SHRinne Hotel

In Japan, there is a religious space as an open space that is closely related to the lives of ur- ban citizens. Not only during the festival, but it is also a space like a public square where nearby people gather in daily life.
The annual festival is the most important ritual held annually at shrines. The annual festival is held once a year, often on a day that people can gather this public space.
at th same time, A mikoshi is a sacred reli- gious palanquin (also translated as a portable Shinto shrine). Shinto followers believe that it serves as the vehicle to transport a deity in Japan while moving between the main shrine and temporary shrine during a festival or when moving to a new shrine. Often, the mikoshi resembles a miniature building, with pillars, walls, a roof, a veranda, and a railing.
During a matsuri (Japanese festival) involving a mikoshi, people bear the mikoshi on their shoulders by means of two, four (or some- times, rarely, six) poles. They bring the mikoshi from the shrine, carry it around the neighbor- hoods that worship at the shrine, and in many cases leave it in a designate.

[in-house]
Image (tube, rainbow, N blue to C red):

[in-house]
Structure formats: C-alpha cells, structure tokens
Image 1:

Mosquito Net

The primary and original goal of a mosquito net, or amido in Japanese, is to keep out insects, to protect the interior of the house from undesired outside intruders. As such it is a useful boundary device that complements other similar types, such as the screen or the wall, while still letting in light or air. Yet as the lightest and most transparent of barrier mechanisms, the mosquito net also allows a series of non-intended interactions, emotional as well as physical, ranging from the gentle to the aggressive: allowing the observer to see without being seen, allowing a nasty mosquito to bite without encroaching. Much more than a simple boundary, the mosquito net is a lively interface.